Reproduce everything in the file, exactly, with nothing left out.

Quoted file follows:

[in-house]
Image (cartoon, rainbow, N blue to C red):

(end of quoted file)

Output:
[in-house]
Image (cartoon, rainbow, N blue to C red):